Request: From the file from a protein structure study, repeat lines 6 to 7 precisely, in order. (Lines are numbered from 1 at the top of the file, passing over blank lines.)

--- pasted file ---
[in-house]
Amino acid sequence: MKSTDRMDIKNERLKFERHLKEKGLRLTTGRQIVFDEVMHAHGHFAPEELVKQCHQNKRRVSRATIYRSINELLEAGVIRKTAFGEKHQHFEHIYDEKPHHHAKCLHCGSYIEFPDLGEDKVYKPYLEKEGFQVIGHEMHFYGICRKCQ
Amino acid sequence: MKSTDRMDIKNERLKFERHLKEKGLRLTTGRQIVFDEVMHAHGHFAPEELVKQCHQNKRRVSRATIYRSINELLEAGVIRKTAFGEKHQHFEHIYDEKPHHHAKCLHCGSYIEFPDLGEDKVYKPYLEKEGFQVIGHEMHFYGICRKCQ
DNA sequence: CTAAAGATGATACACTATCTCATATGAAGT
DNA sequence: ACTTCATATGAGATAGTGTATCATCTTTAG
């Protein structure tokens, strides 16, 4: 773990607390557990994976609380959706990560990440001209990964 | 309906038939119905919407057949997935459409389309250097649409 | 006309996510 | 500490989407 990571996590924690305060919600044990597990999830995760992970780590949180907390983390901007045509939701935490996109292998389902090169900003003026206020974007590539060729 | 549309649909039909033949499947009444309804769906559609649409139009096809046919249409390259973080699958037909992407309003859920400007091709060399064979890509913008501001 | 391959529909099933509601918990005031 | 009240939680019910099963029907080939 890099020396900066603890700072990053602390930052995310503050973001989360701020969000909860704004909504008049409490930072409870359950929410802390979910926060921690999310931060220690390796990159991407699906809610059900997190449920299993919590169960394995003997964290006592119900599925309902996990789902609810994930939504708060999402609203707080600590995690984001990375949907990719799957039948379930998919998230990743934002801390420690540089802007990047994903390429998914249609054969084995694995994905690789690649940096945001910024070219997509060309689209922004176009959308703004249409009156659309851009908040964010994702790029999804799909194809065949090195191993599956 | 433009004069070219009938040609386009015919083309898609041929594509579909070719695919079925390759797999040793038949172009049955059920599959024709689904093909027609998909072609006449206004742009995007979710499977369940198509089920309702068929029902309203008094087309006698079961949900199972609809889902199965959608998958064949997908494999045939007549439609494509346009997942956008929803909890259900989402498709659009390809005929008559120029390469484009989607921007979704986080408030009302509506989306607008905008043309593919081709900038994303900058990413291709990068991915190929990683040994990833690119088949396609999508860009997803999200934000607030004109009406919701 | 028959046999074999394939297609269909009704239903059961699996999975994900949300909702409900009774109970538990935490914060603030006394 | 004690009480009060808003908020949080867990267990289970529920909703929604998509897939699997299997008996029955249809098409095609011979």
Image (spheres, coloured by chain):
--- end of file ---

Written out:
């Protein structure tokens, strides 16, 4: 773990607390557990994976609380959706990560990440001209990964 | 309906038939119905919407057949997935459409389309250097649409 | 006309996510 | 500490989407 990571996590924690305060919600044990597990999830995760992970780590949180907390983390901007045509939701935490996109292998389902090169900003003026206020974007590539060729 | 549309649909039909033949499947009444309804769906559609649409139009096809046919249409390259973080699958037909992407309003859920400007091709060399064979890509913008501001 | 391959529909099933509601918990005031 | 009240939680019910099963029907080939 890099020396900066603890700072990053602390930052995310503050973001989360701020969000909860704004909504008049409490930072409870359950929410802390979910926060921690999310931060220690390796990159991407699906809610059900997190449920299993919590169960394995003997964290006592119900599925309902996990789902609810994930939504708060999402609203707080600590995690984001990375949907990719799957039948379930998919998230990743934002801390420690540089802007990047994903390429998914249609054969084995694995994905690789690649940096945001910024070219997509060309689209922004176009959308703004249409009156659309851009908040964010994702790029999804799909194809065949090195191993599956 | 433009004069070219009938040609386009015919083309898609041929594509579909070719695919079925390759797999040793038949172009049955059920599959024709689904093909027609998909072609006449206004742009995007979710499977369940198509089920309702068929029902309203008094087309006698079961949900199972609809889902199965959608998958064949997908494999045939007549439609494509346009997942956008929803909890259900989402498709659009390809005929008559120029390469484009989607921007979704986080408030009302509506989306607008905008043309593919081709900038994303900058990413291709990068991915190929990683040994990833690119088949396609999508860009997803999200934000607030004109009406919701 | 028959046999074999394939297609269909009704239903059961699996999975994900949300909702409900009774109970538990935490914060603030006394 | 004690009480009060808003908020949080867990267990289970529920909703929604998509897939699997299997008996029955249809098409095609011979």
Image (spheres, coloured by chain):